Medication Safety for Children: A Guide for Parents and Caregivers
Keeping track of dosage
Children’s small bodies are vulnerable to the risk of accidental overdose. That’s why accurate dosing and measurement of children’s medications, especially liquids, is so important. When your child takes any medication, start a simple record (like a chart or checklist) of each dose given and when. Don’t rely on young children to tell you whether they have taken their medicine—they may say “yes” because they don’t like it, or even “no” to get a second dose if they liked the flavoring. Watch them take the entire dose.
Age is not always an accurate measure of how much medicine to give your child. Check the “Drug Facts” label of nonprescription medicines and, if the information is available, use your child’s weight to find the right dose. Don’t guess. If you are not sure or do not understand the label instructions, ask your doctor or pharmacist.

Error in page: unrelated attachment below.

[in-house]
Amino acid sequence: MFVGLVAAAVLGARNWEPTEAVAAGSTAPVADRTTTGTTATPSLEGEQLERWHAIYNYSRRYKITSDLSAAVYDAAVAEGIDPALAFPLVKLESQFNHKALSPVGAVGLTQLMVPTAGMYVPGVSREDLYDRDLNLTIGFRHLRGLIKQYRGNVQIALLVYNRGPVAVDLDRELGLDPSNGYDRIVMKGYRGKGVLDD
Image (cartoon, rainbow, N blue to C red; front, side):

Use the measuring tool that comes with your child’s medicine. If a product doesn’t come with a special measuring tool, ask for one at the pharmacy; a household spoon may not hold a precisely accurate amount of medicine. The numbers on measuring devices are small, so read them carefully. Here are some tips for accurate measuring:
Dosage cups are for children who can drink from a cup without spilling. Look closely at the numbers on the side; measure out the liquid with the cup at eye level on a flat surface.
Cylindrical dosing spoons are for children who can drink from a cup but are still prone to spill. These devices look like a wide straw with a little spoon at the top. Measure the liquid in the spoon at eye level, and have the child sip the medicine from the spoon.
Droppers are for children who can’t drink from a cup. Put the medicine into the dropper and measure at eye level; give to the child quickly before the medicine drips out.
Syringes are another option for children who can’t drink from a cup, allowing you to squirt the medicine into the back of the child’s mouth. If a syringe comes with a cap to keep medicine from leaking out, remove and discard the cap (a choking hazard) before giving the medicine. For some medicines, a syringe may be filled with the right dose and left, capped, for a caregiver to give to your child later. (Tell the caregiver to remove the cap first and discard it.) Use only clean syringes specially made for giving medicines to children. Be sure to store the filled syringe at the right temperature and never leave it where children or pets may get it.